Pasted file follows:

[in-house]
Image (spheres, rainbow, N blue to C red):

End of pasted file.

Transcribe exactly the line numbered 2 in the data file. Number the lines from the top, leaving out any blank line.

Image (spheres, rainbow, N blue to C red):